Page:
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Wednesday, September 3, 2014

Forefoot Pain: Sesamoid or Nerve or Both

Hey Dr Blake, 

Through my despair yesterday I stumbled upon your blog and I must say I am so glad I did. I really wanted to e-mail you though, I hope you don't mind.

I'm a 23 year old female who hurt my foot 3 years ago! I literally stubbed the inside edge of my foot, just half an inch under my first metatarsal head. I never got an X-Ray but I was in agony for about 3 months, my local doctor told me it was just a "BAD bone bruise". If say the pain dissipated about half a year down the line and slowly but surely I got back into my fitness which I loved so dearly. 

For these 3 years pain in my big toe joint had been on and off, the pain itself is felt at the base of the head, sometimes on top but mostly behind but at the outer edge (there it is like a niggly/twingy pain that gets worse with activity) I get pain whenever my toe joint is in a bending push off position..and it ALWAYS clicks, that's recently got worse.
Dr Blake's comment: The niggly pain is nerve, as the biggest nerve in the front of your foot runs right there. It can develop into a condition called "Joplin's neuroma", but the nerve can be irritated and angry from simple internal swelling. The clicking means that there is swelling within the big toe joint, signifying some problem in that joint. 

I saw a private podiatrist about 2 years ago now who got me into Orthotics as she noticed I pronate and had "flexible flat feet". She disposed (diagnosed) me with Hallux Limitus. These helped somewhat, a lot.
Pain would go away for a couple months only to come back if I increased my activity or wore heels then I'd suffer with the pain and swelling for another month. 
Dr Blake's comment: Hallux Limitus is caused by many conditions, and you seem to have a very sensitive big toe joint. X-rays and MRIs are usually needed to help discover what you did to yourself 3 years ago. 

I went to see my doctor who thinks it's a sesamoid issue, so I get my X-Ray results on Fri. My podiatrist recently gave me acupuncture which kind of helped but I found the procedure painful. She also said I should go back in a month and we'll talk about seeing an Orthopaedic for a surgical outlook and also a steroid injection.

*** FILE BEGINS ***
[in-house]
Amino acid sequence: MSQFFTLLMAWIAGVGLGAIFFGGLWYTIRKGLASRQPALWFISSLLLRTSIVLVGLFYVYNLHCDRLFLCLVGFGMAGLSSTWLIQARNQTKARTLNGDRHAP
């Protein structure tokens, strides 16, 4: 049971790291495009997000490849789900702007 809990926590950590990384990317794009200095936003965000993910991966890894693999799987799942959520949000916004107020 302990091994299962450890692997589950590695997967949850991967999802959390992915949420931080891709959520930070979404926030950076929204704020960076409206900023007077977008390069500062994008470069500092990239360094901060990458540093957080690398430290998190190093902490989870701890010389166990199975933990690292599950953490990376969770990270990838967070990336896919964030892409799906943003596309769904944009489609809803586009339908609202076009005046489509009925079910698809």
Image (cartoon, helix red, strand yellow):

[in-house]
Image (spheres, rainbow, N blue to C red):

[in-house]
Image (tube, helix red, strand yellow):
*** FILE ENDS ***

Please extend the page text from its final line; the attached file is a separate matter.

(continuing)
Dr Blake's comment: This is all right except I would avoid invasive (even shots) until I knew the diagnosis. Let me know what the x rays showed. 

My arches are also so tight and when I do strengthening exercises it hurts alot. The toe joint is really swollen, mostly on top but icing makes it so much worse, specifically that niggly feeling on the edge underneath, which makes me worry that it is a sesamoid issue. 
Dr Blake's comment: Nerves typically hate ice, so try some version of contrast bathing (see previous posts). Icing typically cools the joint, but does not move swelling out of an area like contrast bathing. Where the initial contact was sounds sesamoid. See if you can get the results of the x-rays to me, and possibly get an MRI. 

I'm just at my wits end because I'm so young and meant to be starting uni this year but exercise means, namely walking, but it hurts too much now and I seem to be compensating with my other foot and my other toes, I would swim but it flares up my acne and also makes my feet too cold which makes my toe sore.

Any advice would be grateful,

Sara (name changed to protect the innocence)

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Thank you very much for leaving a comment. Due to my time restraints, some comments may not be answered.I will answer questions that I feel will help the community as a whole.. I can only answer medical questions in a general form. No specific answers can be given. Please consult a podiatrist, therapist, orthopedist, or sports medicine physician in your area for specific questions.